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Old 22-01-2016, 23:04   #1
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The hidden dangers of power winches

I got a call today from an old friend with a Valiant 47. The harbor had alerted her that there was a problem with her boat--someone heard a loud noise and the backstay was broken.

I went down (in the rain) and checked things out. Turns out the boat has a Harken power winch, which is used for the main halyard and mainsheet. The boat was put away with one end of the main halyard hooked to the stern pulpit, and the other end around the power winch, in the self-tailer.

Did I mention it rained? Well, as best as I can figure, the rain got into the cockpit control switches of the power winch and activated the low speed. It pulled on the halyard until something gave. The first thing to give was the stern pulpit, which is now a stern arch. The second thing was the halyard turning block at the base of the mast, which is in some pretty spectacular pieces. After the turning block blew up, the halyard no longer had a nice lead into the mast exit plate, and ripped through some stainless and the aluminum mast. Fortunately, the rip was sharp enough to cut the halyard, which ended the carnage. Unfortunately, the pulpit was sucked into the (no longer available) Navtec hydraulic backstay cylinder and bent the piston rod.

The winch breaker did not pop, but the winch had stopped by the time I got there. I pushed buttons and the winch still worked and shut off when I stopped pushing. I set about to finding ways to turn off the winch. First, I turned the house battery switch to off. Not only did the winch still run, it didn't turn off for about 10 seconds, which gave me my my final clue.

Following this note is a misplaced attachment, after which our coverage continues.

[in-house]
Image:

I gave her my estimate of about 5 big boat bucks for the damage, and we had a discussion about turning off the breakers to windlasses and power winches when you leave the boat. It doesn't take much current through a windlass or winch switch to turn on the controller, and they are both powerful enough to do a lot a damage.
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Old 23-01-2016, 04:10   #2
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Re: The hidden dangers of power winches

Thanks for the heads up, what a story!

Had a similar thing happen with a windlass on a boat tied up next to us in nukulofa. The crew were away in town and suddenly the windlass started heaving against the stern lines. I rowed over and found the breaker before anything too nasty happened.

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Old 23-01-2016, 04:45   #3
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Re: The hidden dangers of power winches